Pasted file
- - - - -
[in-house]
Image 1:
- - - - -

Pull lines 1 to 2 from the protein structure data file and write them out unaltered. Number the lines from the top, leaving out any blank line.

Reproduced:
[in-house]
Image 1: